Assimilate allocation priority as affected by nitrogen compounds in the xylem sap of tomato

Z. Gao, M. Sagi, H. Lips

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26 Scopus citations


Experiments with tomato (Lycopersicon esculentum (L.) Mill. cv. F144) grown in a greenhouse show that salinity (electric conductivity 6-7 dS m-1) and bicarbonate fertilization enhanced the accumulation of total solids in the fruits. Short term experiments with tomato seedlings were carried out simultaneously to study the effect of salinity (NaCl) and NO3/- concentrations on the activities of nitrate reductase (NR, EC, phosphoenolpyruvate carboxylase (PEPc, EC and glutamine synthetase (GS, EC in roots and leaves to study the mechanisms controlling assimilate transport to reproductive organs. The effect of bicarbonate fertilization on fruit quality was more pronounced under saline conditions which increased NO3/- reduction and assimilation in the roots. Salinity (100 mM NaCl) inhibited xylem loading of NO3/- and its subsequent transport to the shoot, shifting the main NO3/- reduction and assimilation in the plant from the shoot to the root. At the same time, addition of bicarbonate increased dark CO2 fixation in the roots, producing oxaloacetate, aspartate and asparagine. The resulting amino acids were transported from the root to the shoot through the xylem. Low NO3/- concentration, salinity and bicarbonate in the medium produced a higher ratio of N(red)/(N(red) + NO3/- ) in the xylem sap. The ratio N(red)/(N(red) + NO3/-) in the xylem sap was related to the determination of assimilate allocation priorities in the tomato plant. A high ratio correlated with increased allocation to reproductive organs while a low ratio, generated by fertilization with high NO3/- concentrations, stimulated the vegetative growth at the expense of fruit quality.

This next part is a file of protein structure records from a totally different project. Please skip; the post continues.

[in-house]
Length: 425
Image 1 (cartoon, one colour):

Original languageEnglish
Pages (from-to)807-815
Number of pages9
JournalPlant Physiology and Biochemistry
Issue number6
StatePublished - 1 Dec 1996


  • Assimilate
  • Lycopersicon esculentum
  • bicarbonate
  • fruit quality
  • nitrate assimilation
  • phosphoenolpyruvate carboxylase
  • salinity

ASJC Scopus subject areas

  • Physiology
  • Genetics
  • Plant Science


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